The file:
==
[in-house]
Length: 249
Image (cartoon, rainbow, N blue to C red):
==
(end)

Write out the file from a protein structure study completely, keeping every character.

[in-house]
Length: 249
Image (cartoon, rainbow, N blue to C red):